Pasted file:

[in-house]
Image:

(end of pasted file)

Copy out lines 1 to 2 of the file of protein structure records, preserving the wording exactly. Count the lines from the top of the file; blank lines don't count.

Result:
[in-house]
Image: